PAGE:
While counseling a friend recently through a struggle—deep discontentment over a lack of feedback on a project she’s put years of effort into—the question arose of what would truly make her happy in this scenario. She could name five people who liked her project. Deep down, she wanted everyone to love it. Another friend asked her what would realistically be enough to make her happy.

There was no answer to that question. The silence itself struck a chord in me and opened the doors to a revelation I’m continuing to wrestle with:

She didn’t answer because there is no answer. Because if you can’t be content with what you have now, you will not truly be content with anything.

It will never be enough.

The 2017 movie musical “The Greatest Showman” tackles one man’s journey from squalor to splendor, and the realization that no matter how high he climbs, no matter what accolades he receives, he continues to feel empty. He goes from pursuing common favor to chasing the elites of New York society, then the applause of the nation at large…but in the end, hollowness and loss force him to come face-to-face with the fact that he had everything he needed from the start: a loving family.

I love this journey. I love it because it brought me face-to-face with the truth that if we aren’t thankful for what we have, we will never fill the hole in our hearts.

This is not to say that everyone is in ideal circumstances always, but I would like to suggest that we can find things to be thankful for even in less-than-ideal places. Even if it’s just the breath in your lungs and the clothes on your back and the opportunity to try again tomorrow, that can be enough.

People often think that if they “just had” the perfect job, the perfect relationship, the perfect house, THEN they would be happy. Then they would feel fulfilled. If they had x-amount of followers on social media, if they became head pastor of a church, if they found Mr. or Mrs. Right, contentment would be achieved. Until they have those things, and the hole’s not filled. Suddenly they’re left wondering if they had a nicer car, a corner office, kids, pets, an ever nicer house…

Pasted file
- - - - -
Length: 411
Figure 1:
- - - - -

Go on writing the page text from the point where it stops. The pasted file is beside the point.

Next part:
You get the picture.

Joy is Right Now, Not Right After

Here’s the thing. Contentment and true joy are not found in achieving success. They’re found in spite of success or failure. They’re found in being thankful for what you have right here and now, not in what you could have someday. If your happiness hinges on an outcome, it’s not really happiness. It’s a pinging synapse across the lobe of your brain, and once it fizzles out, discontentment will flood back in. You will want the next big thing to make you happy. And the next. And the next. You can actually wire your brain to constantly chase after the Next Big Thing, running after a horizon that’s constantly moving away from you.

Slow down. Stop. Look around you.

You can find contentment in what you have right now. Give thanks for what’s already there. It’s not bad to have goals. It’s bad to hang your entire outlook on them, though. It’s unwise to pin contentment to the notion of a certain outcome rather than learning to live in gratefulness with what God has already given you. It’s healthy to find contentment and peace in every step of life, because you never know how long you’ll be standing there before the next one.

Happiness in an achievement is fleeting. Thankfulness for God’s provision is eternal.

Shift your perspective. Give your eyes a rest from that horizon and bring the closer things into focus. Tally up the things you’re thankful for right here and now. It’s amazing how much contentment can be found right where we are.